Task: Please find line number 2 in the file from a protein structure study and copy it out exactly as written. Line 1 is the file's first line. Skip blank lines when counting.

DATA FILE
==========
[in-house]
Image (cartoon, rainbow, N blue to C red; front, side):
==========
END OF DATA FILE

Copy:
Image (cartoon, rainbow, N blue to C red; front, side):